Predictive Factors for Proximal Junctional Kyphosis in Long Fusions to the Sacrum in Adult Spinal Deformity

*University of California, San Francisco, California, USA †Department of Orthopaedic Surgery, Hyogo College of Medicine, Nishinomiya, Japan ‡Department of Neurosurgery, Yonsei University College of Medicine, Seoul, Korea §Department of Orthopedics (Unit III), Christian Medical College, Vellore, India ††Department of Orthopedic Surgery, Saiseikai Central Hospital, Tokyo, Japan.
Spine (Impact Factor: 2.3). 08/2013; 38(23). DOI: 10.1097/BRS.0b013e3182a51d43
Source: PubMed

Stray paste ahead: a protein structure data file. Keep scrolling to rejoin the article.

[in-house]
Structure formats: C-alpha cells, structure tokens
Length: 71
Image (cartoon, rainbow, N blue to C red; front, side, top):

Study Design. A retrospective studyObjective. To assess the mechanisms and the independent risk factors associated with proximal junctional kyphosis (PJK)in patients treated surgically for adult spinal deformity with long fusions to the sacrum.Summary of Background Data. The occurrence of PJKmay be related to preoperative and postoperative sagittal parameters. The mechanisms and risk factors for PJK in adultsare not well-defined.Methods. A consecutive patients who underwent long instrumented fusionsurgery (≥6 vertebrae) to the sacrum with a minimum of 2 years follow-up were retrospectively studied.Risk factorsincluded patient factors, surgical factorsand radiographic parameters such as thoracic kyphosis (TK), lumbar lordosis (LL), sagittal vertical axis (SVA), pelvic tilt (PT), and pelvic incidence (PI).Results. Ninety consecutive patients (mean age: 64.5 years) met inclusion criteria. Radiographic PJK occurred in 37of the90 (41%) patients with a mean follow-up of 2.9 years. The most common mechanism of PJK was fracture at the upper instrumented vertebra (UIV)in 19 (51%) patients. Twelve (13%) patients with PJK were treated surgically with proximalextension of the instrumented fusion. Preoperative TK >30°, preoperative proximal junctional angle (PJA) >10°, change in LL >30°,and PI >55° were identified as predictors associated with PJK. Achievement of ideal global sagittal realignment (SVA <50mm, PT <20°,and PI-LL <±10°) protected against the development ofPJK(19% vs. 45%).Amultivariate regression analysisrevealed changesin LL >30° and preoperative TK >30° were the independent risk factors associated with PJK.Conclusion. Fracture at the UIV was the most common mechanism for PJK. Change in LL >30° and preexisting TK >30° were identified as independent risk factors. Optimal postoperative alignment of the spine protectsagainst the development of PJK. A surgical strategy to minimize PJK may include preoperative planning forreconstructions with a goal of optimal postoperative alignment.

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